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Health Myths: Get the Facts

Environmental Health

Myth: You can't prevent spreading illness on a cruise.

Fact: Each year millions of U.S. citizens enjoy cruise vacations. According to the Cruise Line International Association, in 2003, approximately 8.3 million passengers embarked from North American ports for their cruise vacation. Traveling on cruise ships exposes people to new environments and high volumes of people, including other travelers. Although an infrequent occurrence, this exposure creates the risk for illness, either from contaminated food, water, or - more commonly - through person to person contact. Follow these tips to help prevent the spread of illness:

  • Wash your hands before and after eating, after touching your face and going to the bathroom, and when your hands are dirty.
     
  • Leave the area if you see someone get sick (vomiting or diarrhea) and report it to the cruise staff. You could become sick if you ingest contaminated particles that travel through the air.
     
  • Take care of yourself. Get plenty of rest and drink lots of water. Resting helps rebuild your immune system. Drinking water helps prevent dehydration.
     
  • Be considerate of other people's health. If you're ill before taking a cruise, call the cruise line to determine if there are alternative cruising options.

Cruising Tips
http://www.cdc.gov/nceh/vsp/pub/CruisingTips/cruisingtips.htm

Handwashing Tips and Techniques
http://www.cdc.gov/nceh/vsp/pub/Handwashing/HandwashingTips.htm

Immunizations

Myth: Adults don't need immunizations unless they are traveling outside the country.

Fact: Vaccines aren't just for travelers and kids. Far too many adults become ill, are disabled, and die each year from diseases that could easily have been prevented by vaccines. Thus, everyone from young adults to senior citizens can benefit from immunizations. Vaccines help prevent infectious diseases and save lives. Vaccines are responsible for the control of many infectious diseases that were once common in this country, including polio, measles, diphtheria, pertussis (whooping cough), rubella (German measles), mumps, tetanus, and Haemophilus influenzae type b (Hib).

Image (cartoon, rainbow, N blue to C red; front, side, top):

Vaccines for adults include:

  • Tetanus-Diphtheria: all adults, every 10 years
     
  • Influenza (flu): adults at risk and all those 50 and older
     
  • Pneumococcal: adults at risk and all those 65 and older
     
  • Hepatitis A and B: adults at risk
     
  • Measles-Mumps-Rubella (MMR): susceptible adults
     
  • Varicella (chickenpox): susceptible adults
     
  • Vaccines for travelers

Adolescent and Adult Immunization Quiz
http://www2.cdc.gov/nip/adultImmSched/

Adult Immunization Schedule
http://www.cdc.gov/vaccines/recs/schedules/adult-schedule.htm

Vaccine-Preventable Adult Diseases
http://www.cdc.gov/vaccines/vpd-vac/adult-vpd.htm

Pregnancy and Reproductive Health

Myth: Birth defects cannot be prevented.

Fact: Approximately 3000 pregnancies per year in the United States are affected by serious birth defects of the brain (anencephaly) or spine (spina bifida). Up to 70% of these defects can be prevented if a woman consumes the B vitamin folic acid daily before pregnancy and through the first trimester. The U.S. Public Health Service recommends that all women who can become pregnant consume 400 micrograms of folic acid daily to help prevent these serious birth defects. Since half of all pregnancies are unplanned, it is important to take folic acid every day!

Folic Acid
http://www.cdc.gov/ncbddd/folicacid/

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